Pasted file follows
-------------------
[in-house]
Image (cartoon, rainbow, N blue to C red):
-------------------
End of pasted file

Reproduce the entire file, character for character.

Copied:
[in-house]
Image (cartoon, rainbow, N blue to C red):